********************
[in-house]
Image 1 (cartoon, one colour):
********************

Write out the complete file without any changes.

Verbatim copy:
[in-house]
Image 1 (cartoon, one colour):